1. Soils   2. Climate   3. Other   General Information 

The most detailed Illinois GIS soil descriptions are STATSGO soil map units composed of similar soil types. Each map unit may include up to 21 individual soil types. Soil values used in this Web page are the weighted average values of the soil types contained within the STATSGO map unit; soil pH and texture are weighted averages of the surface soil layer only. The STATSGO map unit soil pH, texture, and drainage values are compared to crop requirements to obtain suitability scores for each soil characteristic.

Soil pH is a measure of acidity (hydrogen ion concentration). The pH values range from 0 to 14: 0 is most acidic, 7 is neutral, and 14 is most basic (lowest hydrogen ion concentration). Soil pH values range from ~3 to 10. Forest and bog soils of the humid east tend to be acidic and grassland and desert soils of the west tend to be basic.

Effect of pH on nutrient availability
Extremes of soil pH release substances from soils in amounts that can be toxic to plants. Acid soils may dissolve toxic amounts of metals (such as aluminum and manganese). Alkaline soils may accumulate salts and sodium carbonates in toxic concentrations that can alter soil structure, thereby making it difficult for roots to grow. Stunted root systems have trouble taking up adequate water and nutrients. Toxic metals in acid soils, subsoil nutrient depletion, and subsoil clay pans also stunt root growth.

Slightly acidic soils (pH ~6.5) are considered most favorable for overall nutrient uptake. Such soils are also optimal for nitrogen-fixing legumes and nitrogen-fixing soil bacteria. Some plants are adapted to acidic or basic soils due to natural selection of species in these conditions. Potatoes grow well in soils with pH <5.5. Blueberries and cranberries grow well in even more acidic soils (<4.5) . Sugar beets, cotton, kale, garden pea, and many grasses grow well in alkaline soil (>7.5).

Soil pH also affects the soil in other ways. For example, soil microbe activity, particularly nitrogen-fixing bacteria may be reduced in acid soil.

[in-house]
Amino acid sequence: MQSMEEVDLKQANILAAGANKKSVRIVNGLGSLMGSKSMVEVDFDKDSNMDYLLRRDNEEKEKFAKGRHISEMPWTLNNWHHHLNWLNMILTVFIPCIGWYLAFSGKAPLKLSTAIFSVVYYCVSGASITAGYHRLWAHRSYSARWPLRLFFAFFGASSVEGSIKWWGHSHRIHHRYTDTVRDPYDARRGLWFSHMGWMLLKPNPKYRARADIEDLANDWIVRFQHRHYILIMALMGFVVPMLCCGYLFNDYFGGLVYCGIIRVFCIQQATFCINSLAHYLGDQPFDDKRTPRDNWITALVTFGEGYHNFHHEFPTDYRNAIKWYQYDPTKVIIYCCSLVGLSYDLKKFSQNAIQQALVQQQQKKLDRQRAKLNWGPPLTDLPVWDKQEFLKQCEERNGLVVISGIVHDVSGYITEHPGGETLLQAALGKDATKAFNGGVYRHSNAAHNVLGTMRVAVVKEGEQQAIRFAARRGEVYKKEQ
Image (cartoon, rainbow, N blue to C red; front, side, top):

Agricultural soils of Illinois tend to acidify to pH values more acidic than 6.5. This acidity is managed by adding lime (carbonates of calcium and magnesium). Average soil pH values vary from mildly alkaline (7.0-7.5) to strongly acid (5.2-5.5) in extreme southern Illinois.

The Natural Resources Conservation Service has set standard soil pH classifications.
pH classifications pH values
Extremely acid < 4.5
Very strongly acid 4.5 to 5.0
Strongly acid 5.1 to 5.5
Medium acid 5.6 to 6.0
Slightly acid 6.1 to 6.5
Neutral 6.6 to 7.3
Mildly alkaline 7.4 to 7.8
Moderately alkaline 7.9 to 8.4
Strongly alkaline 8.5 to 9.0
Very strongly alkaline > 9.0
         Average pH

DRAINAGE rate refers to the rapidity and extent that water is removed from a soil by surface runoff, underground flow through the soil, and evaporative loss. Drainage also refers to soil drainage status — the frequency and duration with which soil is waterlogged. In Illinois’ climate, the drainage rate coincides with soil drainage status. If drainage is very rapid, the soil is excessively drained. If drainage is very slow, the soil suffers from excessive waterlogging and is very poorly drained.

Soil drainage extremes present the same types of problems for crops that extremes of soil pH do. Excessively drained soils do not provide most crops with adequate water and nutrients, and the structure of the soil limits root growth. Additionally, excessively drained soils tend to warm early and generally undergo marked temperature fluctuations. Water and nutrient availability are also limited in poorly drained soils because oxygen deficiency limits the ability of roots to take up adequate water and nutrients. With waterlogging, putrefaction sets in. Putrefaction occurs when partially decomposed organic matter accumulates, clogging soil pores and blocking root growth and the drainage of water through soil. Putrefaction produces toxic substances: reduced nitrogen, sulfur, metals, and organic fermentation products. Furthermore, it produces methane, a gas that attacks the atmosphere’s self-cleansing system. Additionally, poorly drained soils tend to warm up slowly in the spring and reduce the length of crop growing seasons.